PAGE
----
The pitch. The design. Flawless. At least for some users. If accessibility wasn't a core consideration in that new website or app, millions of people probably won't be able to use it. For creative agencies who provide digital solutions to their customers, accessibility is becoming a key differentiator, and there are at least three main reasons your agency should be a leader in that area:
- Your customers will be demanding it.
- Your products will be better for it.
- Your understanding of how people use your products will expand.
Your customers will be demanding it
Accessibility isn't a fad that is going away. In fact, its need is growing as more people have known disabilities, use of the web continues to grow, and web accessibility lawsuits continue to make headlines.
Whether your customers had an Aha! moment as a result of an event like the COVID-19 crisis, they've discovered the benefits of accessibility, or they've simply realized that accessibility isn't optional and they may face legal consequences for failing to meet the needs of their customers with disabilities, more and more customers will be demanding it.
You might think of it as future-proofing or you might prefer to think of it as actively shaping your company's future. Either way, developing expertise in accessibility and building it into your products allows you to meet the needs of those customers when they start demanding it.
Accessibility provides a competitive advantage to the digital products of your customers, just as being able to offer it may provide a competitive advantage to you.
Suggested reading: Is There a Legal Requirement to Implement WCAG?
Your products will be better for it
One very common objection to implementing accessibility best practices is that the quality or beauty of the product will be sacrificed. This line of thinking can be perpetuated by designers or developers being forced to try to shove accessibility into a fully-baked (and not accessible) product. When this happens, the design or functionality of a website or app changes — and those changes sometimes mean that the end result isn't what was initially pictured, which can feel like something being lost or sacrificed.
More thoughtful or deliberate approaches to accessibility can actually be quite beautiful and most certainly will create a product that is usable by more people. For example, using colors that have enough contrast can help create bold designs that can be read more easily. Thoughtful use of images can also enhance an experience. It's often believed that images and accessibility don't mix well, but did you know that some people actually understand content better when they have something visual to accompany the text? Understanding accessibility can help you find the right mix and always have a plan for an engaging (and accessible) path forward.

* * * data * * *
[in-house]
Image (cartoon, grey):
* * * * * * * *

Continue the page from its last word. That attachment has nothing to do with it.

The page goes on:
This will always be more difficult after the fact. Instead, consider these eight tips for designing websites with people with disabilities in mind from the very beginning. For example, if you use personas or do user testing, include people with disabilities; limit thinking about the ideal user; design for desktop and mobile; and choose accessible color palettes.
Suggested reading: Creative Site Design That's Beautiful and Accessible
Your understanding of how people use your products will expand
This idea is related to the previous, but it's actually a separate consideration. Yes, your products will be better when they're accessible, but understanding and prioritizing accessibility will also influence how you come to determine that they're better.
Digital tools, like all tools, are only as good as they are usable. And of course, one of the main tasks creative agencies are charged with is making the user experience as good as it can be. But how can you measure user experience without a thorough understanding of the many different ways your users will interact with, or experience, your website or app?
As you grow in your awareness and knowledge of accessibility, you grow in your awareness and knowledge of how your own digital products are being and will be used.
In turn, your products will be better for it, and as your understanding of how people use your products expands, your products will become even better still.
Suggested reading: Assistive Technology 101: What You Need to Know